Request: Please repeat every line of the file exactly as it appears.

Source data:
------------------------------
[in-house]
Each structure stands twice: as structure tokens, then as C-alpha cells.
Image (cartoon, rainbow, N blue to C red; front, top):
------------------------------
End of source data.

[in-house]
Each structure stands twice: as structure tokens, then as C-alpha cells.
Image (cartoon, rainbow, N blue to C red; front, top):